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Northern Ireland teachers 'harming' pupil education and are better paid than other UK teachers: Education chief Boyd

Union blasts education chief's missive as 'fake news'

By Jonny Bell

Northern Ireland teachers are better paid than their English and Welsh counterparts and their industrial action is harming schools, the head of the Education Authority has said.

Teaching unions are engaged in industrial action in a bid to improve working conditions and pay, with some taking to picket lines.

Read more: Northern Ireland education chief's letter to teachers over salaries and conditions [Full document] 

In a letter sent to all teachers, Education Authority Gavin Boyd said the action was "seriously affecting the education of children and young people" and "the effective operation of schools".

He also said teachers had been "confused by misinformation on a number of key issues". He said that teaching unions had rejected an overall offer of 2.5% on pay in 2015/16.

From an employer’s perspective it has been disheartening to hear some say that our teachers are not valued. Gavin Boyd

"The average teacher's pay in Northern Ireland is just over £40,000 per annum," he added.

"This compares very favourably with other graduate professions locally and is actually higher than the average teacher's pay in England and Wales."

He added: "There have been no reductions in teacher's pay."

He did however, concede that tax rises and pension contributions had risen affecting pay, but that this was a part of a wider government strategy.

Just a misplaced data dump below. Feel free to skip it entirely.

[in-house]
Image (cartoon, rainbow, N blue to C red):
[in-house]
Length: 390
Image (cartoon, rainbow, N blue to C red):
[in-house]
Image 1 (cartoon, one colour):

"Public sector pensions remain attractive and in general offer much better terms than those available in the private sector."

Unions have reacted angrily, branding the missive as "fake news".

Chris Keates, General Secretary of NASUWT-The Teachers’ Union, said: "Teachers will not be persuaded or intimidated by the fake news presented in the letter issued today by the employers.

“The letter from Gavin Boyd will simply infuriate teachers who are continuing to endure the painful reality of real terms cuts to pay, job insecurity and excessive workload, including as a result of a punitive inspection system.

“Mr Boyd’s letter to teachers and principals cannot hide the facts of the destructive impact of excessive workload on teachers’ lives or that the value of teachers’ pay has fallen by around 20% since 2010.

“It is a pity that employers and ministers have spent their time denying the concerns of teachers.

“The employers should start to devote more of their time to addressing the genuine concerns of teachers rather than peddling misinformation.”

Justin McCamphill, NASUWT National Official Northern Ireland, said: “Today’s letter only serves to patronise teachers. It offers nothing by way of substance or fact.

“The NASUWT has provided the Management Side and the Department of Education with a clear agenda and way forward which will address the concerns of teachers and enable teachers to focus on teaching and leading and managing teaching and learning.

“The letter issued today is misleading and will do nothing to resolve the concerns of teachers.”

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